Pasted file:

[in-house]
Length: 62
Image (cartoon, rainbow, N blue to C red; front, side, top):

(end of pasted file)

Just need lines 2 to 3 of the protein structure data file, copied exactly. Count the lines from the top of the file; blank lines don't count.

Length: 62
Image (cartoon, rainbow, N blue to C red; front, side, top):